A retired police captain who died during a night of violent protests in a US state was trying to protect his friend’s pawn shop, his widow said.
David Dorn’s last moments were caught on video and apparently posted on Facebook Live, though the video has since been taken down.
He was killed by people who had broken into Lee’s Pawn & Jewellery, and his body found on the pavement.
No arrests have been made.
His death came on a violent night in St Louis, Missouri, where four officers were shot, officers were pelted with rocks and fireworks, and 55 businesses were burgled or damaged, including a convenience store that burned.
Our highest respect to the family of David Dorn, a Great Police Captain from St. Louis, who was viciously shot and killed by despicable looters last night. We honor our police officers, perhaps more than ever before. Thank you! pic.twitter.com/0ouUpoJEQ4
— Donald J. Trump (@realDonaldTrump) June 3, 2020
Police also shot and gravely injured a burglary suspect who they say shot at officers.
Cities across the US have seen protests and violence since George Floyd died May 25 after a white Minneapolis officer pressed his knee into Mr Floyd’s neck for several minutes even after the handcuffed black man stopped moving and pleading for air.
Mr Dorn was a friend of the pawn shop’s owner and frequently checked on the business when alarms went off, his wife, St Louis police Sergeant Ann Marie Dorn, told the St Louis Post-Dispatch.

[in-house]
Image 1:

Mr Dorn served 38 years on the St Louis police force before retiring in October 2007.
He then became chief of Moline Acres, a small town in St Louis County.
Former St Louis County police chief Tim Fitch knew Mr Dorn for 30 years and said they became close friends when Mr Dorn and his wife were leading the St Louis police department’s Explorers programme for young people interested in law enforcement careers, while Mr Fitch was leading the county’s programme.
“He was very dedicated to youth, especially disadvantaged youth,” said Mr Fitch, who led the St Louis County Police Department from 2009 to 2014.
“He wanted to see them succeed.
“He wanted to be a role model for those young men and women to go into law enforcement.”
Mr Dorn’s personality was “bigger than life,” Mr Fitch said.
“He was a fun guy, a happy guy.
“You never had to wonder what he was thinking when somebody did something incredibly stupid like a crime because he would just say it as he saw it.”
When he took over as chief in Moline Acres, Mr Dorn made it clear that his officers would be held to the strictest of standards, Fitch said.
“He wanted them to do the right thing all the time,” Mr Fitch said.
The Ethical Society of Police, which represents black officers in St Louis, said in a news release that Mr Dorn was “the type of brother that would’ve given his life to save them if he had to”.
St Louis police chief John Hayden called Dorn a “fine captain.”
“Many of us, the other officers, looked up to him,” Mr Hayden said.
“Was very well-liked, very pleasant. And his wife still works here.
“So a very sad time for our agency. We will honour him.”